Common Threads: A Cultural History of Clothing in American Catholicism by Sally Dwyer-McNulty. University of North Carolina Press (Chapel Hill, North Carolina, 2014). 272 pp., $39.95.
When the new Pope Francis discarded the traditional red papal footwear for simple black shoes, he underscored the power of clothing as a cultural symbol.
This is something Catholics, both clergy and lay, have always understood. From priests’ Roman collars to nuns’ veiled habits to schoolgirls’ blue serge jumpers, American Catholics have long worn visually distinctive attire.
Such clothing has helped create a sense of identity and belonging for Catholics, who historically have sought to find their way in a social landscape ruled by Protestants. For instance, in earlier times, when most priests were foreign-born, the characteristic Roman collar and other specialized clothing helped clergy gain respectability.
Sally Dwyer-McNulty, a history professor at Marist College, has given us an intriguing and thoughtful examination of what Catholics were wearing at different times and why.
Because Catholics emphasize a sacramental worldview, she writes, their clothing is fraught with symbolism; and it also holds "political and social significance." Thus popes wear white as a symbol of their "singular holiness and purity," while "bishops carry staffs because they shepherd the people, and nuns wear habits mostly of a dark hue to symbolize death to the world and ‘marriage’ to Christ."
Dwyer-McNulty focuses on the period from the early 19th to the 21st century, a time span during which Catholicism developed from a largely immigrant church that was sometimes seen as suspect by the Protestant majority because of its poverty and perceived otherworldly focus to a mainstream, socioeconomically successful religious institution centrally engaged in civic and social life. She focuses on three major groups: male clergy, female religious and schoolgirls. Among her findings:
* Through the 1930s, bishops adopted uniform, easily recognizable clothing styles "to exert both control and authority over their middle managers and lay Catholics."
* This clothing also signaled Rome that despite the Enlightenment’s influence on American culture, obedience to papal authority prevailed.
* At first, until about World War II, nuns did not embrace the wearing of habits for traveling; they preferred to wear lay clothing to avoid identification as Catholics and subsequent discrimination from the Protestant majority.
* Uniforms on parochial schoolgirls helped check excess materialism, promoted modesty and served as a visual advertisement for Catholic respectability.
* Restrictive dress for young women "elucidated … the Catholic Church’s view that girls needed to be guided more due to their propensity to commit sins of vanity and that girls and females in general were in a position to be controlled."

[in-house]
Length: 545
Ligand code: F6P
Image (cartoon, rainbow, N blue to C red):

By the early 1960s, with its political and social upheaval, the "Catholic clothing trademark" had begun to unravel, Dwyer-McNulty writes.
The twin influences of the Second Vatican Council and the civil rights movement sparked a relaxing of nuns’ habit styles. Now, sisters wondered if their old-fashioned attire might actually inhibit their acceptance by the people they served in poor communities. Many religious orders, both male and female, adopted modernized habits or even stopped wearing them.
For the women, this change could be seen as a rejection of the church’s emphasis on "female submission, subordination and denial of self." In fact, the new habits — or their abandonment — created considerable controversy, which was "accurately interpreted as a new understanding of women’s place in the church and an assertion of self over bureaucracy — an expression that Catholics received with mixed reactions," Dwyer-McNulty writes.
Today, school uniforms remain supported almost universally; political conservatives embrace them as well as liberals concerned with social justice, who emphasize "No Sweat" purchasing priorities. But overall, in the 21st century, Catholic apparel seems less about creating identity and more about the "diversity in Catholic opinion on theological and social issues," Dwyer-McNulty concludes.
Common Threads is authoritatively researched at several major archival collections, including The Catholic University of America, the Philadelphia Archdiocesan Historical Research Center, the Marquette University Archives and the Sisters of St. Joseph Archive. The author’s exhaustive research distinguishes this as the definitive study on the cultural meaning of clothing in American Catholicism.
Each chapter brims with information that commands interest. For instance, we learn that in 1928, Pope Pius XI actually published clothing guidelines for young girls. He specified that "a dress cannot be called decent which is cut deeper than two fingers breadth under the pit of the throat, which does not cover the arms at least to the elbow, and scarce reaches a bit below the knee."
The pope added: "Furthermore, dresses made of transparent material are improper, as are flesh colored stockings which suggest the legs being bare."
By the 1950s, special tags even identified "Mary-like" dresses that were judged modest, in dress shops in cities such as Pittsburgh, Baltimore and Syracuse, N.Y., Dwyer-McNulty reports. Sometimes this prescribed Mary-like modest fashion was linked directly to patriotism and anti-communism, as in a 1949 Holy Name parade that she describes. In this carefully organized procession, Catholic girls displayed "religiosity, patriotism and traditional gender roles in opposition to what they perceived to be godless, de-sexing, communist values."
An accomplished interdisciplinary scholar, Dwyer-McNulty has written a compelling book that is so engagingly written that it will command interest beyond the academy.
Roberts directs the journalism program at SUNY Albany and is the author of Dorothy Day and the Catholic Worker.